Gastronomy in Senegal: what are the typical dishes?
What do you eat in Senegal? Discover through this blog the dishes you can find during your internship in this country!
This is the traditional dish. It is made of rice with very small and crispy grains, fish, tomato sauce and vegetables such as cabbage, carrots, manioc, etc. It is also found in neighbouring countries such as Mauritania or Gambia (benechim), as well as in the rest of West Africa under the name “riz au gras” or “riz sénégalais”.
Yassa with chicken
Another local dish is chicken yassa, cooked with onions and vegetables. It is similar to the Thieboudian recipe but not as good because the fish gives the rice a special flavour and the chicken a little less.
This dish, as well as all other dishes in Senegalese cuisine, is always accompanied by a very thick onion sauce.
This is a fish dish, which is cut and stuffed with a mixture of oil, stock cube, pepper and garlic, cooked on a grill and then marinated in lemon juice with onions. It is served with a plate of white rice cooked separately.
This is a very richly flavoured dish of chicken, mutton or beef cooked in a pan with oil, tomato paste, pepper, garlic and onions, and boiled beans, drained and added to the pan.
This is mutton, beef or sometimes pork cooked in oil and tomato, to which water and peanut paste are then added. The dish is ready when the oil in which the meat has been cooked rises to the surface and is served with a plate of white rice cooked separately.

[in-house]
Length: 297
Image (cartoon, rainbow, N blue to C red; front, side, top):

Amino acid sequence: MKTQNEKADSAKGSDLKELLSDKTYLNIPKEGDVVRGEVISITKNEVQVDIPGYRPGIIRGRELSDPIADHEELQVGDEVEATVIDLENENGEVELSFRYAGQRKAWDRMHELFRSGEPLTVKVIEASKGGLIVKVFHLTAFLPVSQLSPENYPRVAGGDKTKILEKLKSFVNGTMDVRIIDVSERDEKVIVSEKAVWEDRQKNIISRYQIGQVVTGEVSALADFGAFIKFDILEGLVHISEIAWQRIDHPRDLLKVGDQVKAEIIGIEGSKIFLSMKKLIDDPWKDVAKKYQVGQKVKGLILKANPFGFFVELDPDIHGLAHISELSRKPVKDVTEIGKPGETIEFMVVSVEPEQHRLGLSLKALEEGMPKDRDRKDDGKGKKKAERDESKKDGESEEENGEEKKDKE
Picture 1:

This is a dish of white rice, served with a sauce made from palm oil and okra in which fish cut into small pieces is cooked.
Modern Senegalese cuisine has been enriched with various starters, such as Niébés, small beans that are left overnight in water so that the skin can be easily removed the next day, mixed with salt and fried in oil; they are served with the famous onion sauce.
Another is the Chawarmas: meat, tomatoes, peppers and onions with piadina and sesame sauce.
Just as important as the dishes to be enjoyed, there are various typical drinks; here are some examples.
Ataya is an infusion of green tea, fresh mint and water prepared in a metal teapot, heated over charcoal, from which the tea is then poured into the glass. For the Senegalese, Ataya is much more than a drink: it is a ritual and a moment of sharing.
There is also Bissap, a sweet-tasting thirst-quenching drink made from an infusion of dried hibiscus flowers, which give the juice a reddish colour; the leaves are used to make sauces and condiments.
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